language evolves

Ready for a rant? Good.

Here goes. Language evolves. Get over it.

Too vague? Gotcha. Check out this clip from The Big Bang Theory. (The video quality isn’t great, but it’ll do.)

Sheldon makes the point that the word “nauseous” is often used in place of the word “nauseated,” which would technically be grammatically correct. But I disagree with Sheldon in two ways.

First, while “nauseous” may have originally meant “disgusting or loathsome,” dictionary.com confirms Leonard’s use of the word. Suck on that, Sheldon.

Second, the original meaning of the word doesn’t matter.

Language isn’t static. It never has been. Over time, it morphs and changes. What a word meant 50 years ago is irrelevant today. What matters is how words are used now.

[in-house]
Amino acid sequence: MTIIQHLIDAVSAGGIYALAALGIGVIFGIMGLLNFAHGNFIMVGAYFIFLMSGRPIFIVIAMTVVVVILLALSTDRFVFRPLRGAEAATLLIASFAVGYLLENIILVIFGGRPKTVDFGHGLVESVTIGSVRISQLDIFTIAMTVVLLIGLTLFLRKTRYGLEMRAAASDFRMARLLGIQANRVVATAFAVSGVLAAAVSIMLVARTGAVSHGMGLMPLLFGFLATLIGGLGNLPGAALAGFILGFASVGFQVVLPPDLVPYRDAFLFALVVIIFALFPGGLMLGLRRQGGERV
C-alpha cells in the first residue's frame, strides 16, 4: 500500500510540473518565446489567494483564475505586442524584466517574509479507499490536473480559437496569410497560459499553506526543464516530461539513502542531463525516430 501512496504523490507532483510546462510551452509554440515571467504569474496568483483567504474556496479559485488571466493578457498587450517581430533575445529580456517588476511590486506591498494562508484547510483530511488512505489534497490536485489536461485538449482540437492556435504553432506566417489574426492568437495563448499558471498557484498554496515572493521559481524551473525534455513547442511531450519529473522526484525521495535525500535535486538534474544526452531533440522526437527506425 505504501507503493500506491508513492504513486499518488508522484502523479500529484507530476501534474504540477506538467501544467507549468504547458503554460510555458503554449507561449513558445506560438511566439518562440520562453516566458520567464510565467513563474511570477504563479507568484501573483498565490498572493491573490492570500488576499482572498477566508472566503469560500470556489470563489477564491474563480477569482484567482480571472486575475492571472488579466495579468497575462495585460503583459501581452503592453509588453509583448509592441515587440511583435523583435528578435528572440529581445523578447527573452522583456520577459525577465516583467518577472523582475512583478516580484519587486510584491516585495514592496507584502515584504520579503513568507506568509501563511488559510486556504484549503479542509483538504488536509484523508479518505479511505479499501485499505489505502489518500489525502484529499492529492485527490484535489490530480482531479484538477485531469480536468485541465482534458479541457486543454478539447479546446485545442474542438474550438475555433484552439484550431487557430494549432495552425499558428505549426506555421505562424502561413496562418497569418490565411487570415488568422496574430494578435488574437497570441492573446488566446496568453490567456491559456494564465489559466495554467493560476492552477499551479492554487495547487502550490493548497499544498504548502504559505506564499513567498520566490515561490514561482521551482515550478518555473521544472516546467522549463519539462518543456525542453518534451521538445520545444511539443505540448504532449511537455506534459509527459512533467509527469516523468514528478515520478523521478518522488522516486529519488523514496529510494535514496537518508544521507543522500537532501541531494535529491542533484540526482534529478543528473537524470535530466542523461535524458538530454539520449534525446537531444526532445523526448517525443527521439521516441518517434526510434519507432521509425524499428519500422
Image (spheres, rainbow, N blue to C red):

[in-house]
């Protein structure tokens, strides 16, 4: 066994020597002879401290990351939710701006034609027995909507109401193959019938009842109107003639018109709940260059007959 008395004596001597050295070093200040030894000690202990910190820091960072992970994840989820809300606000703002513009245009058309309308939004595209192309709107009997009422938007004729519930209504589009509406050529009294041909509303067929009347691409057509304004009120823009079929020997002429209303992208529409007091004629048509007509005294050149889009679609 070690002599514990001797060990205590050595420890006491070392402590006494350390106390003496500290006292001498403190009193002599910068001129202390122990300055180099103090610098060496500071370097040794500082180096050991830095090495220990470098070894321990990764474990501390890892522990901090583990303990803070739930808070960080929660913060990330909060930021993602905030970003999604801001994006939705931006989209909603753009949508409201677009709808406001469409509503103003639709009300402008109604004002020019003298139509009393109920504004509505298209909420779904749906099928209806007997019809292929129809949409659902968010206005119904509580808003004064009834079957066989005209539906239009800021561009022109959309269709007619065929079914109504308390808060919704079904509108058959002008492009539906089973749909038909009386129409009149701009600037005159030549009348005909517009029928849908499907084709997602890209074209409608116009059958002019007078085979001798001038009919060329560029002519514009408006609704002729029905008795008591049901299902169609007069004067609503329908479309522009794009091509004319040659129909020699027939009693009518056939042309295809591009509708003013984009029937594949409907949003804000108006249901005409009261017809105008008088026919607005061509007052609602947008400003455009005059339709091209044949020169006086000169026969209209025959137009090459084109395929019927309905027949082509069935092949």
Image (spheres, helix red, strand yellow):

There are a smattering of words out there people frequently misuse. So much so that their meaning has been adjusted in the common vernacular. As an artist, you can pick fights about those words, correcting people when they break from traditional definitions, or you can roll with evolution.

If you decide to be a grammar Nazi, that’s exactly how you’ll be seen. Even writers hate overly nitpicky grammar snobs.

Should you follow grammatical rules? Absolutely. A writer who doesn’t will come across as amateurish and lazy.

But remember that language changes over time. If you can’t change with it, you’ll quickly become irrelevant.

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